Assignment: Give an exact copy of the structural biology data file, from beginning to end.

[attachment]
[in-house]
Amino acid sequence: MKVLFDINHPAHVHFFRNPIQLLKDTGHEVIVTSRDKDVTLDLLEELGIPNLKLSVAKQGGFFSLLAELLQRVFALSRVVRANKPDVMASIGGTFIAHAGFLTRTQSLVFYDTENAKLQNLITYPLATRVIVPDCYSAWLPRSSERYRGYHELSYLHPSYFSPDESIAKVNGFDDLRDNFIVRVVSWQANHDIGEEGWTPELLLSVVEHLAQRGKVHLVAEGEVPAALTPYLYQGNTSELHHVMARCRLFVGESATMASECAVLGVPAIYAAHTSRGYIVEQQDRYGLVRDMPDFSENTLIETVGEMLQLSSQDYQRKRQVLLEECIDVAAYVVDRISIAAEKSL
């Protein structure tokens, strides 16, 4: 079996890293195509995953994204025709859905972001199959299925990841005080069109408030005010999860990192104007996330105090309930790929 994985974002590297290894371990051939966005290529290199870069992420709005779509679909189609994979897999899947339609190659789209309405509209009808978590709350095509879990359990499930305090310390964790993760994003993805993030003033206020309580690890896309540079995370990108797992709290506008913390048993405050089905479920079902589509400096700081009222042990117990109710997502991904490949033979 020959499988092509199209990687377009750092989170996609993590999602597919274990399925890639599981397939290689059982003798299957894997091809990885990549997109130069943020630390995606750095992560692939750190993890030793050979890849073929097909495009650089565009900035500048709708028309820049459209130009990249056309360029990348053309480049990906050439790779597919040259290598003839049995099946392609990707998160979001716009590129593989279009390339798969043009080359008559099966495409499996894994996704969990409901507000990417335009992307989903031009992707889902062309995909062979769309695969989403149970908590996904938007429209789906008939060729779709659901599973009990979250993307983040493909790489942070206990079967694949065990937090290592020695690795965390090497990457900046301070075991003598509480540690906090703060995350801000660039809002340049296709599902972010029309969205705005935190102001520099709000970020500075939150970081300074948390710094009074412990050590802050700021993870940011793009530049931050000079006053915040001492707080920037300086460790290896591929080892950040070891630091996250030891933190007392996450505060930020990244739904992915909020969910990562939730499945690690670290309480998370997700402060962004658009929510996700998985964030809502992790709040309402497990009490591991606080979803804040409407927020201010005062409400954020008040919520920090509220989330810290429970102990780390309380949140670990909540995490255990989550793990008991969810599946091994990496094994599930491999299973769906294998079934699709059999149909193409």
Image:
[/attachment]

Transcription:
[in-house]
Amino acid sequence: MKVLFDINHPAHVHFFRNPIQLLKDTGHEVIVTSRDKDVTLDLLEELGIPNLKLSVAKQGGFFSLLAELLQRVFALSRVVRANKPDVMASIGGTFIAHAGFLTRTQSLVFYDTENAKLQNLITYPLATRVIVPDCYSAWLPRSSERYRGYHELSYLHPSYFSPDESIAKVNGFDDLRDNFIVRVVSWQANHDIGEEGWTPELLLSVVEHLAQRGKVHLVAEGEVPAALTPYLYQGNTSELHHVMARCRLFVGESATMASECAVLGVPAIYAAHTSRGYIVEQQDRYGLVRDMPDFSENTLIETVGEMLQLSSQDYQRKRQVLLEECIDVAAYVVDRISIAAEKSL
């Protein structure tokens, strides 16, 4: 079996890293195509995953994204025709859905972001199959299925990841005080069109408030005010999860990192104007996330105090309930790929 994985974002590297290894371990051939966005290529290199870069992420709005779509679909189609994979897999899947339609190659789209309405509209009808978590709350095509879990359990499930305090310390964790993760994003993805993030003033206020309580690890896309540079995370990108797992709290506008913390048993405050089905479920079902589509400096700081009222042990117990109710997502991904490949033979 020959499988092509199209990687377009750092989170996609993590999602597919274990399925890639599981397939290689059982003798299957894997091809990885990549997109130069943020630390995606750095992560692939750190993890030793050979890849073929097909495009650089565009900035500048709708028309820049459209130009990249056309360029990348053309480049990906050439790779597919040259290598003839049995099946392609990707998160979001716009590129593989279009390339798969043009080359008559099966495409499996894994996704969990409901507000990417335009992307989903031009992707889902062309995909062979769309695969989403149970908590996904938007429209789906008939060729779709659901599973009990979250993307983040493909790489942070206990079967694949065990937090290592020695690795965390090497990457900046301070075991003598509480540690906090703060995350801000660039809002340049296709599902972010029309969205705005935190102001520099709000970020500075939150970081300074948390710094009074412990050590802050700021993870940011793009530049931050000079006053915040001492707080920037300086460790290896591929080892950040070891630091996250030891933190007392996450505060930020990244739904992915909020969910990562939730499945690690670290309480998370997700402060962004658009929510996700998985964030809502992790709040309402497990009490591991606080979803804040409407927020201010005062409400954020008040919520920090509220989330810290429970102990780390309380949140670990909540995490255990989550793990008991969810599946091994990496094994599930491999299973769906294998079934699709059999149909193409």
Image: